You may not know exactly what the Employee Free Choice Act is, but you've probably heard about it in TV ads that have been running since June.
"Norm Coleman says keep the secret ballot for union organizing elections. The guy's a hero, I hate heroes," says one TV ad.
"The Employee Free Choice Act gives workers the freedom to form a union, so they can earn better wages, retirement security and better health care coverage," says another ad.
"Al Franken backs a bill that would take away your private vote in union elections," says yet another TV ad.
The Employee Free Choice Act, also known as card check, would make it easier for unions to organize in the workplace.
Current law allows businesses to demand a secret ballot when workers want to organize. Under card check, workers could sign a card indicating that they want to form a union, a much easier process than a secret election.
Andy Stern is the President of the Service Employees International Union, the nation's fastest growing union. He complained that corporate profits and CEO salaries are at record highs while ordinary workers are struggling to make ends meet.
"When you want to re-balance power, you have to take it from people who have it and give it to others. We don't begrudge anyone who is wealthy, but all of the hard work of American workers shouldn't just go to the CEO and the shareholder, some of it has to go the workers. The Employee Free Choice Act is one of many ways to rebuild the middle class," said Stern.
Stern and other union leaders say they're pushing the proposal, because business leaders often make it difficult for workers who want to organize a union. He said the bill would still allow a secret election, if 30 percent of the workers in the workplace requested it.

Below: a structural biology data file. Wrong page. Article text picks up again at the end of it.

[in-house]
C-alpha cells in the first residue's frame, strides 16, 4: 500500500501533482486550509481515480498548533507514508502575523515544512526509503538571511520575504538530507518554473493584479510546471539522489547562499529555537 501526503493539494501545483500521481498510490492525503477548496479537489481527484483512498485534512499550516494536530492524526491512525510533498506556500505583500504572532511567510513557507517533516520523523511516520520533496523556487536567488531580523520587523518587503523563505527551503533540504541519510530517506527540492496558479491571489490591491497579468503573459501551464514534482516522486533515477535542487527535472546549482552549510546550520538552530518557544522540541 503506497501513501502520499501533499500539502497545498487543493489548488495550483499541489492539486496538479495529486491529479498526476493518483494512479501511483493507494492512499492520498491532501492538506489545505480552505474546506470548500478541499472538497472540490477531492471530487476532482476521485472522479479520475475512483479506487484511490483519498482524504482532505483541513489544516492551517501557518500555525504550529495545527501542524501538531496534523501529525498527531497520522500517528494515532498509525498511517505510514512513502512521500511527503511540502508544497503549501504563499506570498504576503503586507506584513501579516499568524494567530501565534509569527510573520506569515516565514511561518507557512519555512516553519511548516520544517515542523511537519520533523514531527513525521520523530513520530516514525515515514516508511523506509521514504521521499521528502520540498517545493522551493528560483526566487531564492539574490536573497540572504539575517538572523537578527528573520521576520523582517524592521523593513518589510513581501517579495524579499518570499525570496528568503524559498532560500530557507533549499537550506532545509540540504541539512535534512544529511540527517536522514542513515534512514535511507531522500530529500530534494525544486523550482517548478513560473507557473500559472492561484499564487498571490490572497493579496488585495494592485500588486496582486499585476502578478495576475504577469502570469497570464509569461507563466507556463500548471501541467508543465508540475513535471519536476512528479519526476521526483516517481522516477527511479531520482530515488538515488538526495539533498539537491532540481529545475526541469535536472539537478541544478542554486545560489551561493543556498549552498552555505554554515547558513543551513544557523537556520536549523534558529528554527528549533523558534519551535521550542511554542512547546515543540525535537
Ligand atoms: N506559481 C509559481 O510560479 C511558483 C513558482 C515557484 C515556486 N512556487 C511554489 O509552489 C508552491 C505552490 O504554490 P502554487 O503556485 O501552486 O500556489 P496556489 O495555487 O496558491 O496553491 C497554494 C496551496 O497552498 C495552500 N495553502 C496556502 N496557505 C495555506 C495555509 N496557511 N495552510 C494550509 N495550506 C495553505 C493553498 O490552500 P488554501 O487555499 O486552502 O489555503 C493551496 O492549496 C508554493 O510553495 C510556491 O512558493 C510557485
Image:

Business leaders say that's not enough and are vehemently opposed to the bill.
"We want to preserve the right, the Constitutional right, of a secret ballot," said Tom Donahoe, President of the U.S. Chamber of Commerce.
Donahoe said his organization is opposed to The Employee Free Choice Act, because it could lead to intimidation by union bosses
"And the suggestions by America's labor unions that we would eliminate that right and go to a card check system where I can go to your house at night and intimidate you to sign the card and take away the right of a secret ballot is a battle that these guys are going to find very uncomfortable," said Donahoe.
Business groups have been spending heavily to keep card check from becoming law. In Minnesota alone, groups with business ties have spent $4 million on TV ads to defeat Al Franken. A group with union ties has run $600,000 in ads in support of the Democrat. The fear is that Franken could be the 60th Democratic member of the Senate, enough to defeat any filibusters that could block the proposal.
The House of Representative has already passed the legislation, but it's been bottled up in the Senate.
"This is one of the main pieces of legislation that a filibuster-proof Senate would be able to pass. It's just sitting there waiting," said Gary Chaison, a professor of Industrial Relations at Clark University in Massachusetts.
Chaison said businesses don't like card check, because unions could secretly organize without a business ever knowing it. But he said employers currently have the upper hand when it comes to organizing.
Chaison said unions need card check in order to survive. Union membership has declined dramatically over the past few decades. Federal statistics say 20 percent of American workers belonged to unions in 1983. It was 12 percent in 2007.
"The short term thing they would like to see change is how unions organize, because the unions and their members realize that to revive the labor movement, you have to grow the labor movement. And that can only occur by organizing which is right now a very expensive and time consuming process," said Chaison.
Of course, all of this may not matter if Republican John McCain is elected President. He opposes the legislation. Democrat Barack Obama said if he becomes president, he will sign the bill if it reaches his desk.